If these profound possibilities matter so much to Caplan, why wouldn’t they also matter to his child? And, in (partial) defense of Steve Sailer’s post, why wouldn’t it matter to Caplan’s wife that she would not share that “sublime bond” of genetic identity? If, as Caplan hopes, some stronger relationship between a clone and his or her genetic parent indeed would exist, then, all else being equal, wouldn’t Caplan feel a stronger connection with his own clone than with a clone of his wife, or with a child sharing both their genes? So when Mr. Munkittrick claims, “To somehow assume that a clone of Bryan Caplan would be ‘Bryan’s’ child while the other kids were both [his and his wife’s] is vulgar and preposterous,” doesn’t this mean that the assumption is in large part Caplan’s own?
The Unbearable Lightness of Cloning
What is the source of this tension? If Mr. Caplan thinks this relationship matters enough to motivate the pursuit of cloning, then why does Mr. Munkittrick defend Caplan on the grounds that the relationship doesn’t (or shouldn’t) matter at all? Striking as it is, this is a surprisingly common move in transhumanist argument. Consider the prevalence of defenses of enhancement that begin with words like, “But we already do/have x.” For example:
• In defense of steroids in sports, the argument that we already enhance through better sporting equipment and training;
• In defense of enhancing the brain by implanting computer chips, Ray Kurzweil’s argument, “We already do that now. If you are a Parkinson’s patient you can have a pea-size computer put in to replace the biological.”;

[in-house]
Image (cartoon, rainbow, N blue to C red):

• Or even in response to the general question, “[W]hy should public money be spent to produce an eventual race of posthumans?,” Kurzweil’s reply, “We already have people walking around who have computers in their brains”;
• In defense of sex with robots: “We already have the ability to have sex with a variety of machines and to have sex in virtual environments”; etc.
The underlying pattern is to describe the potentially novel good of some new enhancement, but then rebuff potential criticism of that good by claiming that the enhancement actually won’t be very different from anything we already have. But this move towards and then back away from the difference and significance of an enhancement also undercuts the original positive arguments for it: In this case, if we have no evidence that cloning is cheaper or safer than other assisted reproductive technologies, and we’re also to believe that it is not morally different from other technologies in either its means or ends, then what reason do we have for pursuing it at all?